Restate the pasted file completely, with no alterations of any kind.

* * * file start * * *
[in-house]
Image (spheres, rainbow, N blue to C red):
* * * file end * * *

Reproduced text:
[in-house]
Image (spheres, rainbow, N blue to C red):